Recreational marijuana: Do’s and dont’s

License types, social equity programs part of rollout

By: Nick Mordowanec | C&G Newspapers | Published July 29, 2019

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LANSING — In November 2018, nearly 56% of voters approved a ballot proposal that would regulate marijuana like alcohol. Now, the state is finally offering both business owners and residents a glimpse of what they can expect once adult recreational use licenses become official.

On July 3, the Marijuana Regulatory Agency, or MRA, issued emergency administrative rules pertaining to the implementation of the Michigan Regulation and Taxation of Marijuana Act, or MRTMA. Signed by Gov. Gretchen Whitmer, the rules allow the MRA to move forward in the process of fully establishing the proposal that the majority of voters approved in 2018.

The state says the rules “ensure a fair and efficient regulatory structure for Michigan businesses, as well as access to safety-tested marijuana for Michigan’s citizens and visitors.”

MRA Executive Director Andrew Bisbo said in a statement that the state plans to start accepting business applications Nov. 1.

“The release of the rules today provides local municipalities and prospective licensees with the information they need to decide how they want to participate in this new industry,” Brisbo said. “Since we plan to start taking business applications Nov. 1, stakeholders will have four months to evaluate these rules and make their decisions. These rules set Michigan’s marijuana industry on a path for success while ensuring safety for marijuana consumers.”

These emergency rules allow for the creation of additional license types, including for marijuana event organizers who host temporary events — such as growing competitions — approved by local municipalities. It allows for the on-site sale or consumption, or both, of marijuana products “at a specific location for a limited time.” Licensed retailers and microbusinesses will be able to participate. Security hirings would be required.

Another new license, known as the Designated Consumption Establishment license, would allow a license holder with local approval to operate a commercial space where adults 21 and older can consume marijuana-related products on the premises.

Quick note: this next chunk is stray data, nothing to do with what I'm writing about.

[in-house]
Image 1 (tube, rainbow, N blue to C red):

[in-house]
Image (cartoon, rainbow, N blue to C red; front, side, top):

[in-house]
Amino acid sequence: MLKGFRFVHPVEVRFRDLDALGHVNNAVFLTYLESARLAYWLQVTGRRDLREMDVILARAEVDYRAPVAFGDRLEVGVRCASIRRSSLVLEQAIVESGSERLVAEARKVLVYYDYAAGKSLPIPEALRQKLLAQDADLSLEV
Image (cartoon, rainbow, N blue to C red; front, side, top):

It would be akin to a social club where enthusiasts could either smoke or eat marijuana-based products. However, the license does not allow for the sale or distribution of marijuana or marijuana-based products unless the license holder simultaneously possesses a retailer or microbusiness license.

Another license, coined the Excess Marijuana Grower license, allows a licensee who already possesses five adult-use Class C grower licenses to expand their allowable plant count.

Josh Hovey, communications director for the Michigan Cannabis Industry Association, said the excess grower license was a smart move because those who reach their growing capacity can theoretically grow more plants if the market demands it.

“That’s important, because there’s been a supply shortage in the medical marijuana market for many months now, so hopefully that will address that issue,” Hovey said.

And while the adult-use rules overlap in many facets when it comes to recreational marijuana and medical marijuana, there are some notable distinctions.

One difference is to the elimination of capitalization requirements of adult-use licenses, meaning that intended licensees will need fewer financial documents as part of their applications.

Hovey believes that change should make license accessibility easier for small business owners. He added that having social clubs and public venues is what the market requests.

“I think that’s an area that’s in high demand, so we’re glad the state had the foresight to offer those licenses as things that will cater to the consumer market,” he said.

Other differences are as follows: